Despite all he advances in the scientific understanding of drug addiction as a disease, the vast majority of doctors continue to misdiagnose drug addiction and treat it as a psychological or moral problem.
A huge industry has grown out of the the psychological disease model of drug addiction. The psychological approach assumes that drug addicts choose to use because of a stressful past or inability to manage current problems. Many treatment professionals try to identify and treat the underlying psychological disorder that caused the patients' drug addiction. Unfortunately, the vast majority fail to find the underlying causes and large numbers of addicts never recover from their addictive disorder.
Decades of treatment programs have been based on a theory of addiction that virtually ignored the medical aspects of the disease of addiction. Most treatment programs grossly underestimate the medical consequences of addiction. It is this misconception of the nature of drug addiction that is responsible for the dismal results of so many well-intentioned treatment programs.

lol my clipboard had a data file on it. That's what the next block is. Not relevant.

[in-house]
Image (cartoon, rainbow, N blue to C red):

Although some advances have been made more treatment programs should adopt a new view of drug addiction--one which acknowledges the true biochemical complexity of the disease. A comprehensive diagnosis and evaluation of patients should reveal extensive malnutrition, food sensitivities, and physical pathology. Treatment protocols must include, at a minimum, information on proper exercise and nutritional lifestyle changes.